“The structures of the Euroinvest investment company became a shareholder of the Recond plant. And now Recond, together with the state-owned Research Institute “Girikond (specializing in the development of different types of capacitors and other electronic products, a part of the state corporation Roselectronics), will develop the current production in the joint interests of these two structures,” says Andrey Berezin in February.
Considering the experience of Svetlana- Roentgen, we may reasonably expect to see Recond at the forefront of import substitution as early as 23-24 years. Moreover, there are such plans in place; in winter, the investor announced plans not only to expand the production of the acquired asset but also to revive the whole structure of the former Leningrad Research and Production Association Positron. The association’s product line included color TV sets, VCRs, video cassettes, and plastic products.
Government Deformation of the Market
By the end of the fourth quarter of 2022, the prospects of the private equity market in Russia began to take shape. However, the honest venture market has shrunk, and its growth will soon be determined only by a possible reorientation to Arab and Asian investors. Experts say it is an unrealized opportunity at this stage, and there is no market movement in this direction yet.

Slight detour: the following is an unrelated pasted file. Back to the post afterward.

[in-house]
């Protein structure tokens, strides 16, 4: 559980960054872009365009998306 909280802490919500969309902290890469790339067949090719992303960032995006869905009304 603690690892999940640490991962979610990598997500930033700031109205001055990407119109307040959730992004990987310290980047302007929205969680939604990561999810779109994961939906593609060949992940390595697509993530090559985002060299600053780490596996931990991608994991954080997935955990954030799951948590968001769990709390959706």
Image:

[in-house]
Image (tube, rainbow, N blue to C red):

At the same time, state funds increase their activity. In the first half of the year, there was more than a two-fold increase compared to 2021: $85 million against $46 million. Resultantly, the share of public investment in the total market of assets has already exceeded 33%.
The main sectors of state investments are digitalization and import substitution. The second point fully corresponds to investments in medical devices and radio electronics production. As for digitalization, Euroinvest staked on the development market’s profile direction.
In October, it was announced the start of construction of a new intelligent residential complex, which will include a transformable public space and digital tools to manage all the communal infrastructure of the owner. Innovative tools are implemented through the owner’s personal account, where you can control the consumption of water and electricity, lock and control appliances, and receive messages about what is happening at home in the absence of the owner.
From the beginning of the project, Andrey Berezin said that the puzzle came together; the company had a good experience in the complex development of territories, finances to work regardless of the credit policy of the Central Bank, and a strong IT team that can come up with and implement digital solutions. It is worth adding that the smart home market in Russia needs new players; there is always a level of demand, but developers capable of this task in our country can be counted on the fingers of one hand.